Obama echoed that theme before a crowd of about 1,300 people who recently gathered for a town hall session in Southern California. When asked about immigration, the president said the United States has to beef up its border enforcement but also give undocumented immigrants a path to earned legalization. Obama even argued that legalizing such immigrants helps U.S. workers by eliminating a two-tiered system where employers can exploit those without papers and in the process lower wages for everyone.
I'm glad to hear that Obama is planning to address the immigration issue sooner rather than later. I'm just a little surprised. Immigration isn't an issue that Obama has talked much about since the election. Just a few months ago, it looked to many observers as if he would likely put off immigration reform until 2011, or maybe until a second term.
Maybe I shouldn't be surprised. Obama has been trying to fix everything else -- from the economy to education to health care. Why not also try to do something that some political observers say is next to impossible? Fix the immigration system.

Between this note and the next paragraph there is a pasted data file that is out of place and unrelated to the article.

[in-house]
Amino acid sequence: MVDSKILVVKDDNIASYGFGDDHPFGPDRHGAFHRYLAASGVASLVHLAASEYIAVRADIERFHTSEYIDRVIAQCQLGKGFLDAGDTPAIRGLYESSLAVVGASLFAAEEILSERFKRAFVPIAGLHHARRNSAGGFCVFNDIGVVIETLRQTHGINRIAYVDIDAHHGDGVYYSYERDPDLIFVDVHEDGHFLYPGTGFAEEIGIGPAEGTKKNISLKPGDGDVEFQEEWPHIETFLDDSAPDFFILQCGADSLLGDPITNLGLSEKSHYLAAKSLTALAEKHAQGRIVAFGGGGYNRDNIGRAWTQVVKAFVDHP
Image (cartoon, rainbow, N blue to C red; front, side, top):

Congress has struck out on that before. From 2005 to 2008, it took several swings at the immigration issue -- with no luck. Not that we didn't learn a lot in the process about why Congress can't seem to solve this problem. We learned plenty.
We learned that business interests would use their clout to force lawmakers to import guest workers for jobs that Americans wouldn't do, but that organized labor would consider that concept a deal-killer. We learned that immigrant advocacy groups wanted an unconditional path to legalization for the undocumented, but that law and order conservatives would object to what they call amnesty. Although we need a new round of tougher and easier-to-enforce employer sanctions, it seems only right that they be accompanied by a tamper-proof identification card so employers know who is legally eligible to work. Conservatives fought the sanctions while liberals fought the ID card. In the end, we were back at square one.
It didn't help that congressional leaders on both sides of the issue asked for too much and poisoned the debate with hyperbolic rhetoric. Some conservatives flirted with nativism and wound up trying to keep out both legal and illegal immigrants. Some liberals couldn't seem to get behind necessary and legally permissible enforcement measures, which advanced the perception that they favored an open border.